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Lending to the borrower from hell: Debt and default in the age of Philip II, 1556-1598

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  • Mauricio Drelichman
  • Joachim Voth

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Abstract

What sustained borrowing without third-party enforcement, in the early days of sovereign lending? Philip II of Spain accumulated towering debts while stopping all payments to his lenders four times. How could the sovereign borrow much and default often? We argue that bankers’ ability to cut off Philip II’s access to smoothing services was key. A form of syndicated lending created cohesion among his Genoese bankers. As a result, lending moratoria were sustained through a ‘cheat the cheater’ mechanism (Kletzer and Wright, 2000). Our paper thus lends empirical support to a recent literature emphasizing the role of bankers’ incentives for continued sovereign borrowing.

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Bibliographic Info

Paper provided by Department of Economics and Business, Universitat Pompeu Fabra in its series Economics Working Papers with number 1164.

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Date of creation: Dec 2007
Date of revision: Nov 2009
Handle: RePEc:upf:upfgen:1164

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Web page: http://www.econ.upf.edu/

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Keywords: Early modern state finances; incentive compatability; Philip II; serial default; sovereign debt; state capacity;

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  1. Rose, Andrew K., 2005. "One reason countries pay their debts: renegotiation and international trade," Journal of Development Economics, Elsevier, Elsevier, vol. 77(1), pages 189-206, June.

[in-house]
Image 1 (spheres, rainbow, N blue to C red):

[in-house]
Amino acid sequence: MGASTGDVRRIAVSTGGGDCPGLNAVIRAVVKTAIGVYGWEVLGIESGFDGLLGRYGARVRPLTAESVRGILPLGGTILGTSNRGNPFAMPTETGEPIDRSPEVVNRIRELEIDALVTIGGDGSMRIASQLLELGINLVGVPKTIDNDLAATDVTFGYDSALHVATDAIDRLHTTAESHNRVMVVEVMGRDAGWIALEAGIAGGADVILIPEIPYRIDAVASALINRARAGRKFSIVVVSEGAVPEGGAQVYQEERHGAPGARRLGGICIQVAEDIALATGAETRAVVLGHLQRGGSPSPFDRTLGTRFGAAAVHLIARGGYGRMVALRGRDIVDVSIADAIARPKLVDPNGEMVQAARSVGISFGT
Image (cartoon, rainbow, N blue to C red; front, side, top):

2. Atkeson, Andrew, 1991. "International Lending with Moral Hazard and Risk of Repudiation," Econometrica, Econometric Society, Econometric Society, vol. 59(4), pages 1069-89, July.
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  7. Natalia Kovrijnykh & Balázs Szentes, 2007. "Equilibrium Default Cycles," Journal of Political Economy, University of Chicago Press, University of Chicago Press, vol. 115, pages 403-446.
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Cited by:
  1. Dhillon Amrita, & García-Fronti Javier & Zhang Lei, 2009. "Sovereign Debt Default : The Impact of Creditor Composition," The Warwick Economics Research Paper Series (TWERPS) 901, University of Warwick, Department of Economics.
  2. Yves Balasko & Enrique Kawamura, 2010. "Pareto-Improving Defaul," Working Papers, Universidad de San Andres, Departamento de Economia 102, Universidad de San Andres, Departamento de Economia, revised May 2010.

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